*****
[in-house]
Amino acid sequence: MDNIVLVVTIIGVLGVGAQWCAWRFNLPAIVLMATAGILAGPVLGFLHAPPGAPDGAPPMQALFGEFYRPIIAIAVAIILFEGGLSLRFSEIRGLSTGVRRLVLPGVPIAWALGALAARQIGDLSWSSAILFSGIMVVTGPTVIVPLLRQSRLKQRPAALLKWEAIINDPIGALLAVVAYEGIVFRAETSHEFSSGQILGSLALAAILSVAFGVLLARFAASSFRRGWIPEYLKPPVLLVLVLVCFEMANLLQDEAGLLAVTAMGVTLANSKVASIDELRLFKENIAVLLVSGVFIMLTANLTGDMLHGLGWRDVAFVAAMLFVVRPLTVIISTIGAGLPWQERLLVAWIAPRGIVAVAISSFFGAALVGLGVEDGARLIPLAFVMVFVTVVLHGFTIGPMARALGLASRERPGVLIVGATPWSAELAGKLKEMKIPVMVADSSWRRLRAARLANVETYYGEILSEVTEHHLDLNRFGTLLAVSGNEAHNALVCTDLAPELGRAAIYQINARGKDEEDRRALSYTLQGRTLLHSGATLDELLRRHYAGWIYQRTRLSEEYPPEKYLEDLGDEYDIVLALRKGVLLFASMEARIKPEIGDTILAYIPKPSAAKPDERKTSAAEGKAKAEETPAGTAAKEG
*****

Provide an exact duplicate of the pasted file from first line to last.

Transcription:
[in-house]
Amino acid sequence: MDNIVLVVTIIGVLGVGAQWCAWRFNLPAIVLMATAGILAGPVLGFLHAPPGAPDGAPPMQALFGEFYRPIIAIAVAIILFEGGLSLRFSEIRGLSTGVRRLVLPGVPIAWALGALAARQIGDLSWSSAILFSGIMVVTGPTVIVPLLRQSRLKQRPAALLKWEAIINDPIGALLAVVAYEGIVFRAETSHEFSSGQILGSLALAAILSVAFGVLLARFAASSFRRGWIPEYLKPPVLLVLVLVCFEMANLLQDEAGLLAVTAMGVTLANSKVASIDELRLFKENIAVLLVSGVFIMLTANLTGDMLHGLGWRDVAFVAAMLFVVRPLTVIISTIGAGLPWQERLLVAWIAPRGIVAVAISSFFGAALVGLGVEDGARLIPLAFVMVFVTVVLHGFTIGPMARALGLASRERPGVLIVGATPWSAELAGKLKEMKIPVMVADSSWRRLRAARLANVETYYGEILSEVTEHHLDLNRFGTLLAVSGNEAHNALVCTDLAPELGRAAIYQINARGKDEEDRRALSYTLQGRTLLHSGATLDELLRRHYAGWIYQRTRLSEEYPPEKYLEDLGDEYDIVLALRKGVLLFASMEARIKPEIGDTILAYIPKPSAAKPDERKTSAAEGKAKAEETPAGTAAKEG